Supply Chain Dynamics: Fueling a Surge in Transportation… | Stephens

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Supply Chain Dynamics Fuel a Surge in Transportation & Logistics Deals

Feb 23, 2022

As manufacturers, wholesalers, retailers, and consumers continue to encounter significant supply chain challenges from the global COVID-19 pandemic, companies across the Transportation & Logistics (“T&L”) landscape have experienced increased customer demand for their problem-solving services. Additional volumes have helped spur earnings growth. Valuations for Transportation & Logistics companies remained in an up-cycle throughout 2021, according to data from Statistica1 and Transportation Intelligence.2

Within this strong backdrop a healthy pace of mergers and acquisitions has occurred, allowing acquiring T&L companies to expand market share, enter new markets, diversify services, or enhance human / IT capital. Other T&L companies have engaged in divestitures to free up assets and focus on core competencies. The current macroeconomic environment and supply chain ecosystem suggest that these industry tailwinds may continue in the near-term, and, therefore, the potential for additional M&A activity may continue into 2022.


Strong M&A interest has been particularly evident in several logistics subsectors, including freight forwarding, managed transportation, freight brokerage, same-day / last mile transportation, warehousing, and e-commerce / omnichannel fulfillment. These services have been meaningfully impacted by the wide-scale channel shift from in-person to online shopping that was triggered by the pandemic.3

All else equal, ecommerce supply chains demand (1) more warehouse capacity and (2) distribution centers closer to the consumer. Third-party logistics providers have responded by growing their warehouse networks – both organically and via M&A – investing in technology, and consulting with shippers on DC optimization.

As ecommerce facility networks become more disparate and complex, the need grows for an efficient “middle-mile” solution, or the linehaul transportation move between distribution centers. The trends toward same-day, next-day, and two-day service demand that this middle-mile be consistent and reliable. Truck and driver shortages have amplified the need for logistics providers to focus on this opportunity, and source capacity to service the demand.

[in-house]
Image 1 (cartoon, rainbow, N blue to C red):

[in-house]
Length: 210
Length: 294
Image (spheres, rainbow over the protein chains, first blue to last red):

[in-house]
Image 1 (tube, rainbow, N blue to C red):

Broadly speaking, the mega-trends of supply chain disruptions and capacity constraints have stemmed from labor, equipment and parts shortages, and their resulting impacts (e.g., facility shutdowns). While truck driver shortages are nothing new, the supply chain has been coping with severe labor shortages in many areas, including in warehouses, ports and repair facilities. Coronavirus – and attempts to mitigate the spread of infection, such as business closures and stay-at-home policies – exacerbated pre-existing labor shortages. Inflationary pressures are now prompting some employers to raise wages and compete for skilled workers.4

These labor and other capacity constraints may persist into the second half of 2022, if not longer. Logistics providers are tasked with helping shippers find creative ways to solve these labor and equipment problems. Strategic investments to enhance scale, capabilities, and efficiency / technology (notably automation and robotics) by logistics providers may continue to fuel M&A in the T&L sector.


Both strategics and financial sponsors have been active in recent M&A transactions. Strategic investors accounted for the majority of Transportation & Logistics deal value in 2021, while financial sponsors accounted for the majority of deal volume, according to data from PwC.5 Total T&L deal value and deal volume also both increased in 2021 compared with the previous year, PwC found.

Understanding what growth and earnings are sustainable and not simply due to transitory pandemic-induced factors is critical when assessing valuations in the sector. The aforementioned supply chain disruptions have driven strong recent earnings growth for many operators in the space.

E-commerce volumes have taken a major step upward. Rates for air freight, ocean freight, and domestic trucking have soared in the past 18 months, with maritime prices at record highs.6 U.S. trucking contract rates climbed throughout 2021, with spot rates near all-time highs by the end of the year, and rates are likely to stay elevated for a prolonged period, according to the January 2022 Freightwaves | Ryder State of the Industry Report.7


Decision-makers considering buying or selling Transportation & Logistics assets should be cognizant of a logistics market that is dynamic and constantly evolving. That fact alone will continue to drive M&A as T&L companies strive to keep up with where supply chain trends are moving. However, doing so successfully will call for a thorough understanding of how the industry is evolving, the continued impact of the pandemic and inflation, as well as how one’s company can best help the sector solve those problems.


[1] Transportation & logistics: value of M&A's worldwide 2021 | Statista

[2] Will logistics sector M&A keep pace in 2022? - Transport Intelligence (

[3] The future of work after COVID-19 | McKinsey

[4] What’s causing America’s massive supply-chain disruptions? - ABC News (

[5] Transportation and logistics deals outlook: PwC

[6] New Studies Find Unprecedented Impact from Supply-Chain Turmoil - WSJ

[7] Ryder: State of the industry, January 2022 (

About the Expert

Michael Miller

Managing Director, Investment Banking

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